I took a coach and drove to Coraline's, where I related the adventure. She laughed heartily, and agreed with me that the prince had played me a nasty trick. She praised the presence of mind with which I had invented an impediment, but she did not give me an opportunity of proving to her that I had deceived the duchess.

Yet I was not without hope, and suspected that she did not think me sufficiently enamoured of her.

Three or four days afterwards, however, as we had supper together and alone, I told her so many things, and I asked her so clearly to make me happy or else to dismiss me, that she gave me an appointment for the next day.

"To-morrow," she said, "the prince goes to Versailles, and he will not return until the day after; we will go together to the warren to hunt ferrets, and have no doubt we shall come back to Paris pleased with one another."

"That is right."

The next day at ten o'clock we took a coach, but as we were nearing the gate of the city a vis-a-vis, with servants in a foreign livery came tip to us, and the person who was in it called out, "Stop! Stop!"

The person was the Chevalier de Wurtemburg, who, without deigning to cast even one glance on me, began to say sweet words to Coraline, and thrusting his head entirely out of his carriage he whispered to her. She answered him likewise in a whisper; then taking my hand, she said to me, laughingly,

"I have some important business with this prince; go to the warren alone, my dear friend, enjoy the hunt, and come to me to-morrow."

And saying those words she got out, took her seat in the vis-a-vis, and I found myself very much in the position of Lot's wife, but not motionless.

Dear reader, if you have ever been in such a predicament you will easily realize the rage with which I was possessed: if you have never been served in that way, so much the better for you, but it is useless for me to try to give you an idea of my anger; you would not understand me.

I was disgusted with the coach, and I jumped out of it, telling the driver to go to the devil. I took the first hack which happened to pass, and drove straight to Patu's house, to whom I related my adventure, almost foaming with rage. But very far from pitying me or sharing my anger, Patu, much wiser, laughed and said,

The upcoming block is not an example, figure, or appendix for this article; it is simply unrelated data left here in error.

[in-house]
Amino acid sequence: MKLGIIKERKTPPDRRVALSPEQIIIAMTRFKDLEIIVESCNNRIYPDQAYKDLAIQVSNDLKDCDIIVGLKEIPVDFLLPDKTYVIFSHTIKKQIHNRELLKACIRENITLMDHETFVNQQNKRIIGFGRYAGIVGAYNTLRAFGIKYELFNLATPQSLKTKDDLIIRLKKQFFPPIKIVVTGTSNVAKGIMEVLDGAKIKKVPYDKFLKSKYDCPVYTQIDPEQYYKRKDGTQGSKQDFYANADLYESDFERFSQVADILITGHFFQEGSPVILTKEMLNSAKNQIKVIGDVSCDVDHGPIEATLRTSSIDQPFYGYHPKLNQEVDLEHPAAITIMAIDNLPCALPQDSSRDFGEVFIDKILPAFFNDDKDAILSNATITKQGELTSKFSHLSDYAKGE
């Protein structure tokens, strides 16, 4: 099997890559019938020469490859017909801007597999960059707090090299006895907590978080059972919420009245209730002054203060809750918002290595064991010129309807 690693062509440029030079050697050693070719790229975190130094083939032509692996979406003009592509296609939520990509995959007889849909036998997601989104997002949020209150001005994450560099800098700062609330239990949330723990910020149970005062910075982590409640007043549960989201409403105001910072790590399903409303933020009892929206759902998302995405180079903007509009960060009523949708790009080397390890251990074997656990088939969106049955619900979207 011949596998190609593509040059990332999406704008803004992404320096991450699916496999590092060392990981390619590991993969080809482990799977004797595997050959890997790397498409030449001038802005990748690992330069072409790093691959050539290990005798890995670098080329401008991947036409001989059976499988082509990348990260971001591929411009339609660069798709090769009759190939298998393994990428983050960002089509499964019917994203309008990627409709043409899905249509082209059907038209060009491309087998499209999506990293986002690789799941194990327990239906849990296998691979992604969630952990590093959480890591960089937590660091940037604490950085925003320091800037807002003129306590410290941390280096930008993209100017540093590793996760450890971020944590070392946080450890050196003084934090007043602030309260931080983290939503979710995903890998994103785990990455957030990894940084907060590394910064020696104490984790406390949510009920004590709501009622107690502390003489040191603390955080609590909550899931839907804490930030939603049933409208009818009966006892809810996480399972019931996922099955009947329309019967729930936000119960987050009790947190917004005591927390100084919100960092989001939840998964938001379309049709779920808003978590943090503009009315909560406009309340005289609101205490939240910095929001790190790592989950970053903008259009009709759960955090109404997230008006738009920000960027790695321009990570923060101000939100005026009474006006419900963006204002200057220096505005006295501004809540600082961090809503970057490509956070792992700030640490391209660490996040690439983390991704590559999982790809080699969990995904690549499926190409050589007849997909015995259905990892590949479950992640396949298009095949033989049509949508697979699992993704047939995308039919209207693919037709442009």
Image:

"I wish with all my heart that the same thing might happen to me; for you are certain of possessing our beautiful Coraline the very first time you are with her."

"I would not have her, for now I despise her heartily." "Your contempt ought to have come sooner. But, now that is too late to discuss the matter, I offer you, as a compensation, a dinner at the Hotel du Roule."

"Most decidedly yes; it is an excellent idea. Let us go."

The Hotel du Roule was famous in Paris, and I had not been there yet. The woman who kept it had furnished the place with great elegance, and she always had twelve or fourteen well-chosen nymphs, with all the conveniences that could be desired. Good cooking, good beds, cleanliness, solitary and beautiful groves. Her cook was an artist, and her wine-cellar excellent. Her name was Madame Paris; probably an assumed name, but it was good enough for the purpose. Protected by the police, she was far enough from Paris to be certain that those who visited her liberally appointed establishment were above the middle class. Everything was strictly regulated in her house and every pleasure was taxed at a reasonable tariff. The prices were six francs for a breakfast with a nymph, twelve for dinner, and twice that sum to spend a whole night. I found the house even better than its reputation, and by far superior to the warren.

We took a coach, and Patu said to the driver,

"To Chaillot."

"I understand, your honour."

After a drive of half an hour, we stopped before a gate on which could be read, "Hotel du Roule."

The gate was closed. A porter, sporting long mustachioes, came out through a side-door and gravely examined us. He was most likely pleased with our appearance, for the gate was opened and we went in. A woman, blind of one eye, about forty years old, but with a remnant of beauty, came up, saluted us politely, and enquired whether we wished to have dinner. Our answer being affirmative, she took us to a fine room in which we found fourteen young women, all very handsome, and dressed alike in muslin. As we entered the room, they rose and made us a graceful reverence; they were all about the same age, some with light hair, some with dark; every taste could be satisfied. We passed them in review, addressing a few words to each, and made our choice. The two we chose screamed for joy, kissed us with a voluptuousness which a novice might have mistaken for love, and took us to the garden until dinner would be ready. That garden was very large and artistically arranged to minister to the pleasures of love. Madame Paris said to us,

"Go, gentlemen, enjoy the fresh air with perfect security in every way; my house is the temple of peace and of good health."

The girl I had chosen was something like Coraline, and that made me find her delightful. But in the midst of our amorous occupations we were called to dinner. We were well served, and the dinner had given us new strength, when our single-eyed hostess came, watch in hand, to announce that time was up. Pleasure at the "Hotel du Roule" was measured by the hour.

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